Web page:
What Does This Mean for Me?
For most participants, the short answer is very little. You might notice that some prices which were displayed in the past are no longer shown/acceptable.
Please note that this change only applies to the underlying values which are accepted by the program — you can always view prices in whichever format you’d like on the application (Probability, Decimal, or American).
If you trade algorithmically, or operate within a lot of precision when placing orders, you may need to adjust your approach to allow for Decimal bucketing schema.
What are ‘Ticks’ and Tick Bucketing?
Tick size, also referred to as a price increment, is the minimum price movement possible within a given market.
In traditional financial markets, this tends to be a fixed interval. However, in betting/prediction markets, greater precision is required for very low/high probability markets — so price increments are tiered.
When placing an order on app.aver.exchange or interacting with the Aver protocol via the SDK, you’ll notice a slight price change before the order is posted. This is a result of Tick Bucketing, which is the process of adjusting prices to align to a specified set of price increments.
Simply put, tick bucketing is the process of rounding odds to acceptable price increments.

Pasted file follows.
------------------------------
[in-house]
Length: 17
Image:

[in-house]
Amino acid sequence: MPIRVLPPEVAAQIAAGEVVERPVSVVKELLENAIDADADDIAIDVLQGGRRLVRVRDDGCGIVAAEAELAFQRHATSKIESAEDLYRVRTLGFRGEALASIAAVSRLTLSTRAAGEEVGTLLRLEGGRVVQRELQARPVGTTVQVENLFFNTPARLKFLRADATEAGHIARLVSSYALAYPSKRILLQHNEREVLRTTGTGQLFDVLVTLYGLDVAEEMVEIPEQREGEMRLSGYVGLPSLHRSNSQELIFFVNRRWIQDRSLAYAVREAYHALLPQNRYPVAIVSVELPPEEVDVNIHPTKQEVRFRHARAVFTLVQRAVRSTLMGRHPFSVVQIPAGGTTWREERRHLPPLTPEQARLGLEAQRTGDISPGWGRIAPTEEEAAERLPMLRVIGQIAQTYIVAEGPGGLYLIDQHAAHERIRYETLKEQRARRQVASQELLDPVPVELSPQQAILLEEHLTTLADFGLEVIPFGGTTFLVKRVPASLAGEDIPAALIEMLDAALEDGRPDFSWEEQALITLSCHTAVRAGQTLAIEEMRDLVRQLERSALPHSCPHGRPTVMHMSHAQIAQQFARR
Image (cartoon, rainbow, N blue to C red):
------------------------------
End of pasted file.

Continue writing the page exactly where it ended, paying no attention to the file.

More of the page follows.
What is a Tick Bucketing Schema?
A tick bucketing schema dictates which prices and price increments are accepted by Aver exchange.
In the Probability schema, prices are ‘round’ in Probability terms, but may not necessarily appear ‘round’ when converted to Decimal format.
These odds are in Probability format:
0.3, 0.31, 0.32
They are all acceptable ‘round’ values — but when converted and displayed in Decimal format they don’t appear so ‘round’:
3.3333, 3.2258, 3.125
The same situation arises in reverse, as a result of the move to Decimal-centric sports markets — i.e. price increments that appear ‘round’ in Decimal format may not be when viewed in Probability format.
Why do Prices Need to be Adjusted?
If a tick bucketing schema wasn’t enforced, it would be possible for any value to be entered in an order.
Consequently, order books would be chaotic without price consistency, and traders would spam exchanges to outdo one another by infinitesimally small price movements.
Tick bucketing has evolved to ensure a degree of standardisation in the structure of orders on the order book and prevents participants from losing out due to a small change in price.
Why did we Make This Change?
Aver was developed as a generalised protocol to serve both predictions and sports markets.
Originally, everything was developed to be probability-centric. Sports betting markets on Web2 (and on some Web3) exchanges have more typically used a Decimal-centric approach, and it’s clear from community feedback that this price schema is preferred for sports.
Prediction markets will continue to follow probability tick bucketing.